# [H,Q] = 0 means d<Q>/dt = 0 proof

1. Homework Statement

Show any operator Q that commutes with the Hamiltonian, [Q,H] = 0, is conserved in the above sense (d/dt〈Ψ|QΨ〉 = 0).
The solution to this problem is as follows:

iħd/dt〈Ψ|QΨ〉 = (iħd/dt〈Ψ|)|QΨ〉 + 〈Ψ|(|Qiħd/dtΨ〉 = –〈HΨ|QΨ〉 + 〈Ψ|QHΨ〉 = 〈Ψ|[QH]Ψ〉 = 0.

What I am confused about is the second step:

$$$i\hbar \frac{d}{{dt}}\left\langle \psi \right|\left. {Q\psi } \right\rangle = \left\langle {i\hbar \frac{d}{{dt}}\psi } \right|\left. {Q\psi } \right\rangle + \left\langle \psi \right|\left. {Qi\hbar \frac{d}{{dt}}\psi } \right\rangle$$$

Why is this true? Where did the sum come from? Why is the Hamiltonian before Q in the second term of the sum? What allows you to put it in that order? Does it matter (I assume it does since we're trying to prove a commutation relation here..)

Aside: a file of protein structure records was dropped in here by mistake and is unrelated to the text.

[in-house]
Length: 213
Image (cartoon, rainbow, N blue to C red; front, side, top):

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MathematicalPhysicist
Gold Member
well, poisson brackets satsify the next relation where @ stands for partial derivative:
df/dt=[f,H]+@f/@t
so what you wrote in the title is correct only if f isn't explicitly depended on t.
for your last question obviously we have here the derivative of a multiplication.
in a unitary space, <psi|Q(psi)>=<Q(psi)|psi>* where * stands for complex conjugate.